COLE: I think people have to make their own individual decisions about that. I don't see this as a - the Republican Party doing something. I see it as individual members and elected officials reacting. So would I change the language of the president? I would. But would I change the language of my Democratic colleagues who, again, are routinely called down by the presiding officer on the floor - on the floor, which is actually a place that has a much higher standard of what's acceptable, as the speaker found out yesterday. You know, again, if you're going to do this, you have to be willing to do it to everybody. And I don't spend a lot of time, quite frankly, commenting on what other people say because if you do that, you're not going to be saying anything. You're just going to be commenting on other people's comments. So it's better to keep your head down and do your work.

KING: All right. But when the president makes these remarks, they don't do much to add to his base in a country this diverse. We know that. Is this a losing strategy that he's pursuing when he talks like this?

COLE: Well, we'll find out. You know, a lot of people thought he was pursuing a losing strategy in 2016, and he prevailed. So we'll find out about that. But if you're asking me, would I prefer the language be more traditional and more presidential? I would. And do I think that would be helpful to him politically? I do because I think sometimes this gets in the way of a very good economy, a very good record on deregulation, a very good effort to rebuild the American military. He has a lot that I think he could point to that sometimes this sort of rhetoric distracts from. And I - you know, as an old political guy, I regret that. I'd rather focus on the substance because I think it's a winner for the president.

KING: We talked to former Republican Representative Ileana Ros-Lehtinen a couple months ago as she left office. She was the first Latina elected to Congress. And she told us if the Republican Party fails to attract more diverse people, it's just going to lose a whole generation. Let me play you what she said.

(SOUNDBITE OF ARCHIVED NPR BROADCAST)

ILEANA ROS-LEHTINEN: We need to pay attention to the changing demographics of our country. And we have not been attuned to that. We've been appealing to one certain section of America.

KING: Is she right, Congressman?

COLE: I think she makes a very good. And certainly, the point about appealing to diverse groups is absolutely critical in America. Frankly, it always has been, but it's even more so today. And, you know, again, I don't think that was certainly proved with (ph) President Bush or many of our members. So - but the point is is an important point for Republicans to think about. And unfortunately (ph) there are conservatives in every racial or ethnic group in America, but you've got to welcome them and you've got to bring them in. And you've got to, you know, show them that their values are your values. So when you fail to do that, yeah, you pay a political price for it and appropriately so.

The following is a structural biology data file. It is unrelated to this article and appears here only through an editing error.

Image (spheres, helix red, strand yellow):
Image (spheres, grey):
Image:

KING: Representative Tom Cole, Republican from Oklahoma, thanks so much. Tim Mak covers Congress for NPR. He's in studio with me. Tim, what stood out to you from that conversation?

TIM MAK, BYLINE: What the congressman seemed to suggest that Democrats, on a routine basis, make equally offensive comments as the president did over the weekend. I think Democrats would say that that misses the whole point of what was so uniquely offensive about what the president said. Democrats don't typically - I'm not aware of any Democrats having told the president to go back to where he came from. And that's because people with the president's racial background don't get told things like that. That's the very nature of why this these comments were racist over the weekend. And I think that's what Democrats would say.

KING: Are leaders in both parties comfortable with the outcome of last night's vote? Is this going to move anywhere?

MAK: Yeah. Republican leaders in the house were very quick to say that they did not think that the president was racist or that his comments were racist. And they were, as you could tell by the results of the vote yesterday, unified against the Democratic resolution.

KING: NPR's Tim Mak covers Capitol Hill. Tim, thanks so much.

MAK: Thanks a lot. Transcript provided by NPR, Copyright NPR.